Partek said this week that is teaming up with the Kennedy Krieger Institute to develop commercial software for identifying and analyzing the chromosomal abnormalities that underlie autism spectrum disorder and mental disorders like bipolar disorder and schizophrenia.
The collaborators have received a $1.8 million grant from the National Institutes of Health, which they will use to develop new capabilities that will be sold as part of Partek Flow, Partek’s flagship software for microarray and next-generation sequence data analysis. The software includes workflows for analyzing gene expression, microRNA expression, allele-specific copy number, trio analysis, ChIP-Seq, RNA-Seq, qPCR data, and more.
The ultimate goal of the study is to develop a diagnostic test that can identify individuals with ASD during infancy. Earlier diagnosis will allow treatment to be started sooner when it can best improve cognitive and social skills long term. The partners also believe that these tools could help physicians diagnose and treat mental health conditions like bipolar disorder and schizophrenia in adults earlier then they currently can.
Tom Downey, Partek’s president, told BioInform in an email that if the partners succeed in developing a test, Partek plans to market a separate software product that encapsulates the analysis workflows it is currently developing with Kennedy Krieger for Partek Flow, he said.
This project marks the second time that Kennedy Krieger and Partek will work together. Previously, the two co-developed a mathematical method for analyzing genetic distinctions between individuals that uses two commonly used genotype association approaches.
These tools are useful for studying “genetic relatedness and chromosomal changes, including those that occur in a variety of human diseases,” Downey said.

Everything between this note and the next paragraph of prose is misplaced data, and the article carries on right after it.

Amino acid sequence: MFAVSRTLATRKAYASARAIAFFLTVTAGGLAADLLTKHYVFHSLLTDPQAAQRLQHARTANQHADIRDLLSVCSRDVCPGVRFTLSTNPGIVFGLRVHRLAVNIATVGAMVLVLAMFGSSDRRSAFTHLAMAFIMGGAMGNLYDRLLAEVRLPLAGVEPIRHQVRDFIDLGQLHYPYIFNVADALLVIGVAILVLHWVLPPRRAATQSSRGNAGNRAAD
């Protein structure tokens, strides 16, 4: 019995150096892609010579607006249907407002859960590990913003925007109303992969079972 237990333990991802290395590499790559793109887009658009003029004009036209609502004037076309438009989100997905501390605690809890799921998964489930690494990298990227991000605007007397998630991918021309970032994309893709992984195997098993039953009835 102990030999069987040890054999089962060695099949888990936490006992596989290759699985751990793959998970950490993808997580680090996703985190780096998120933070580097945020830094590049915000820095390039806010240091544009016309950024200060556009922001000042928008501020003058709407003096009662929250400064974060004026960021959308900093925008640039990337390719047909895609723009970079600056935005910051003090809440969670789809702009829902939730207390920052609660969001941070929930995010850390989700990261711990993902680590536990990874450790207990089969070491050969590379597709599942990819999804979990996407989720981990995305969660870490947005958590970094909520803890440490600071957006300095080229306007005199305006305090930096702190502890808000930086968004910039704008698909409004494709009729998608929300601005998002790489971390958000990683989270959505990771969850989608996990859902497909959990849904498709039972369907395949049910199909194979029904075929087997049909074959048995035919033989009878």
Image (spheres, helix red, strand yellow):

The current project will build on these earlier research efforts. Downey explained that the researchers will develop a method of “measur[ing] … genetic relatedness between two individuals based on SNP information from microarrays or NGS.”
They’ll then apply these methods to whole exome sequence data from individuals with autism obtained from dbGaP, as well as SNP and whole genome or exome sequences from families where at least one child is diagnosed with autism, he said.
Looking ahead, Partek’s Downey said his company intends to develop additional tools for diagnostics, cloud computing, and mobile touch screen devices.
The company also appears to be holding its own in the market place. Downey said that last year, Partek recorded double-digit revenue growth.
“There are a lot of new companies starting up recently so the space is crowded, but we have been there before … and we think we know how to navigate this environment successfully,” he said.
He also believes the partnership Kennedy Krieger will benefit the company’s customers.
“This is a good fit because anyone doing GWAS and linkage analysis studies should know any unknown familial relationships that exist in the study population,” he told BioInform.
Furthermore, it will “allow us to improve the analysis workflows that either already exist in our software or are planned in future versions,” he said.